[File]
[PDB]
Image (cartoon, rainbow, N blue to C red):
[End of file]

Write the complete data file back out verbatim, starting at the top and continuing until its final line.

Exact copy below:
[PDB]
Image (cartoon, rainbow, N blue to C red):